So, one of my biggest obstacles for moving forward in life and doing what I want to do (as opposed to what I suspect others want me to do) is that I have an angry, scared and confused teenage version of myself who feels stuck and controlled. I woke up this morning feeling just this – controlled and powerless – and began to have a gentle conversation with myself about it, whilst trying not to judge myself for how I’m feeling at this moment in time.
This concept of different selves has slowly emerged for me over the last few years, and I’ve become increasingly aware that my teenage years were a particularly dark phase in my life. These are the years when I decided that the only way to survive and feel safe was to work incredibly hard to get the very best grades, and to decipher what other people deemed acceptable in every interaction I had with another human being. This is a tricky and pointless endeavour, I must warn you, since everyone you meet will have a different idea of what’s ‘right’ or ‘good’.
So yeah, teenage me is terrified. She doesn’t believe me when I tell her that she is loved and that it’s safe to follow her heart and do what feels right for her. She’s definitely more on board with my adult view of the world than she was previously, but when a big change comes along, she tends to get really angry and try her best to control the situation.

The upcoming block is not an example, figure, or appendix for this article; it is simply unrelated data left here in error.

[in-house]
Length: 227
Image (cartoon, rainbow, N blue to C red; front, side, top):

I can’t encourage this kind of personal insight enough; getting to know your many ‘selves’ can be an incredibly important and useful tool for addressing any hang-ups you might have and living the most balanced and joyful life you possibly can.
I used to see this teenage version of myself as a problem. I didn’t like her very much because she seemed so angry, and as a person who struggles to express ‘negative’ emotions, I found it difficult to accept this part of myself. Expressing anger is a dangerous business, and absolutely makes me a terrible person – or at least that’s what I’ve believed for most of my life. It’s taken me until now to realise that all emotions are acceptable, and that to not express or acknowledge huge chunks of your personal/inner experience is a recipe for misery.
Slowly but surely, I’m beginning to value and even treasure this angry adolescent version of myself, because she is only ever trying to do what she feels is the best. She’s using the tools she has at her disposal to try to keep me safe, and if it weren’t for her, I wouldn’t be the person I am today. It’s through her experience of the world that I’ve learnt to worry less about what others think, and to place a much higher value on my own inner journey. It’s thanks to her that I’m now pursuing my dreams. And if I really wish to make the leap and live the life I suspect I’m supposed to be living, she needs to come along for the ride – both as a navigational aid, and so that she can continue her journey towards healing and learn to express the parts of herself that she’s long suspected are bad and unworthy.
I realise now that I’m almost at the end of this blog post that I haven’t explained the reason for the title: ‘I’m just a teenage dirtbag’. Well, when I was feeling all angsty and mixed up this morning, I went to turn on the radio and sent an intention out into the universe that whatever song came on would somehow give me an insight into what I was feeling. Hilarious, thanks universe.
I must go now. Me and my teenage dirtbag self have some work to do.
Sending much love and encouragement to all of you.
Bye for now x